Take it easy and enjoy. Meet new people, talk to them and explore. And don’t be worried that you are a bad roleplayer: because it is your first time, people will be understanding, and help you.

 

Emma Wieslander lays out the logistics:

Remember that it’s a story. In a table game this means: You animate the character by talking. If you’re silent nothing happens, but also that if the other players don’t get room to say animate their characters, you’ll only drag some zombies around and it won’t be fun for anyone. Say: ‘I  go there’, or ‘I take the object’ in a first person but don’t say ‘I say:’, act! Say what your character are saying to who he/she is saying it. If it’s unclear what NPC you are talking to say ‘I face so and so’ and then say what the character says.

If it’s a larp this means that you have to remember that you, as the leading actor, in your characters story have a responsibility to make that specific story happen. Also remember that the more you allow yourself to feel, the more the story will come to life. Remember to de-role and ask of your organizers how they are planning that so that you know where to go after the game.

 

Play where everybody knows your name, Geoffrey Schaller says:

Play among friends.  Playing amongst strangers is hard, because they don’t know the REAL you – they may think the persona you are playing is the real person, even if they know it’s just a game (First impressions and all).  Being able to play with other people you already know enables you to share the joy of role-playing that much more when you’re OOG [that's out of game, for you luddites] and back in the real world, talking about it.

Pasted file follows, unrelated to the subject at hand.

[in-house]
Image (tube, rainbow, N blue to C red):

Explore your own personality, Jeramy Merritt recommends:

Find an aspect of your personality that you have always wanted to explore and invoke it.  The real world expects you to be someone, and most of the time you expect you to be that person too.  It is hard to change people’s expectations of you.  But at larp you can be whoever you want to be.  You can explore parts of yourself that you might otherwise be scared to show.  And it is cool, because you are in an environment that promotes oddity, where people are expected to play various roles.  The best larpers are always playing some aspect of themselves.

 

When in doubt, just introduce yourself, says Mike Young:

The most important skill in LARP is your ability to introduce yourself to a stranger.  If you can do that, you’re golden.  And if you aren’t having fun or are bored, talk to the event organizers out of character.  That’s why they are there.